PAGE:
And then, rather providentially, an additional specimen was found by Joe Moysiuk as he was helping to further prepare a large slab brought back from the Rocky Mountains. This one individual was but a moult, with partially disarticulated cuticular pieces, which required some more careful preparation to separate part and counterpart. Admittedly unimpressed from afar, as this looked merely as just a pair of valves enclosed on an unfortunate jumble (badly preserved specimens do occur in the Burgess Shale too...), my state of mind changed as I looked through the binocular: that carcass had rows of endites at the base of its limbs! It may not speak to the imagination as much as “this exoplanet had liquid water!” or “this stem cell line grew a new heart!”, but, in the forest of science, it had the effect of a switch illuminating a network of fairy lights on the tree of arthropods.
The puzzle pieces quickly attracted themselves to one another, and we soon found the mandibles at the front of that specimen. I had been convinced that some specimens of Branchiocaris were showing the dentate margin of mandibles, but, similarly to Canadaspis, the superimposition of the carapace above and the body underneath had made such interpretation subject to be frowned upon. There was simply no “case law” for the expected aspect of the mandible with such type of preservation—but Tokummia changed that. Anecdotically, it was after this struggle with the Tokummia and Branchiocaris material from the Royal Ontario Museum and the National Museum of Natural History that Jean-Bernard visited the collections at the University of Kansas and found these Branchiocaris specimens with breath-takingly large and well-preserved mandibles, revealed (how convenient!) through natural circular openings within the carapace. They put smiles on our faces and told us “Yes—now the hunt for mandibles in Cambrian arthropods has really started!”
Simplified phylogenetic tree showing Tokummia at the base of mandibulates, accompanied in fact by other bivalved species from the Cambrian. The fossil arthropods called euthycarcinoids and fuxianhuiids, not shown here, would constitute the stem of mandibulates.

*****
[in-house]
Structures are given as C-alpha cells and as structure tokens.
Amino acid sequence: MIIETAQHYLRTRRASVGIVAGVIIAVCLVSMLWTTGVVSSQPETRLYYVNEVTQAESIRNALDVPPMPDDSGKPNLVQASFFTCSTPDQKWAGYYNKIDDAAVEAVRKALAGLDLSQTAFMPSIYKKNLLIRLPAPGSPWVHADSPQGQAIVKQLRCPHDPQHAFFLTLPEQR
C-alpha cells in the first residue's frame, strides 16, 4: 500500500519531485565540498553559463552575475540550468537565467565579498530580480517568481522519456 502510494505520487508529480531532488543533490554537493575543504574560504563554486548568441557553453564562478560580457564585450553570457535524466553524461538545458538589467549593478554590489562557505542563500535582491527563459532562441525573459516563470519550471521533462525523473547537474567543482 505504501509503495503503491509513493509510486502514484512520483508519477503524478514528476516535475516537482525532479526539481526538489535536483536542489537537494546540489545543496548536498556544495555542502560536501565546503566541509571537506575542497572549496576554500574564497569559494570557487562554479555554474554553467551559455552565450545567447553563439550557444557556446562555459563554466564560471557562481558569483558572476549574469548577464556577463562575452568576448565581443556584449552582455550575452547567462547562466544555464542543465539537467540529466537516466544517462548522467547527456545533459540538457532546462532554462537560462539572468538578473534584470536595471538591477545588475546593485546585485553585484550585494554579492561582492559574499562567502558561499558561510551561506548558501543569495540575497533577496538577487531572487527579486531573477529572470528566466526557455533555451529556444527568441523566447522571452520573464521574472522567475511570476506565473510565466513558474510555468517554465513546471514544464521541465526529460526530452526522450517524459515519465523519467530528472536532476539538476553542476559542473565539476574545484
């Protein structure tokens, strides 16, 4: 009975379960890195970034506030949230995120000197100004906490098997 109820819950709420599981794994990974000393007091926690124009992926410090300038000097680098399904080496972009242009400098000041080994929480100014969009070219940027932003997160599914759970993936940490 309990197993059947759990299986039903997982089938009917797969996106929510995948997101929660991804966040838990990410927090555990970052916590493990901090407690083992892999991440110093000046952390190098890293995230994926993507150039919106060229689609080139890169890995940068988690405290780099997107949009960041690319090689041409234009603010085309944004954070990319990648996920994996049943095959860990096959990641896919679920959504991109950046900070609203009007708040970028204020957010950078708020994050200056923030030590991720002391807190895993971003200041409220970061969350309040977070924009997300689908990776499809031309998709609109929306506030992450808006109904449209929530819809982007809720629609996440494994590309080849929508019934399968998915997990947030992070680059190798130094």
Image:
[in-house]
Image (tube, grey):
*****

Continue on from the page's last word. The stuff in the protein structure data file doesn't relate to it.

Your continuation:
This set of events has also implications beyond the natural history and evolution of arthropods. The story of the bivalved arthropods of the Burgess Shale serves also as a canvas of reflection upon one of the bêtes noires of palaeontology: the absence of evidence taken as evidence of absence. In cases such as this one, the “evidence of absence” (that is, heads with only one or two pairs of appendages and no mandibles) had been chosen as a proactive epistemological move to test the impact of the available evidence in its standing shape, as opposed to a more prudent and conservative approach that might have held onto hopes and assumptions perhaps in need of deconstruction.
It was certainly not unjustified, but it should also come to no surprise that such evidence was in fact initially just unknown or inaccessible, and therefore that our understanding was incomplete. It illustrates also that, ironically, a positive interpretation of incompleteness can sometimes take us much further away from the original evidence than the cautious or eventually complete views. The lesson may be that absence of evidence should be followed to the letter, but in a varied and imperfect world, where exactly should we draw the line? The problem concerns fossil material in general, of course, but it is also possible that Lagerstätten are more prone to the effect of inflating the absence of features, since the quality of preservation tend to make us more confident about what is present and what is not. Still, in Cambrian animals, with such deviations from extant body plans, how can we consider evidence to be missing if we have no particular expectations?
Holotype of Tokummia katalepsis, after preparation.
That critical features such as mandibles in the Burgess Shale have, if not totally escaped, at least evaded common preservation and clear identification, with dramatic consequences for the understanding of fossils and for whole phylogenetic trees, shows not only that there is still much to the morphology of species already described, but also that the supposed absence of just one of these features might make such species largely misunderstood. If not echoing traditional views so much itself, Tokummia might boldly ask: How many Cambrian stories still have to be rewritten?
(Video animation and illustration of Tokummia at the top of the page are by Lars Fields)
The paper in Nature is here: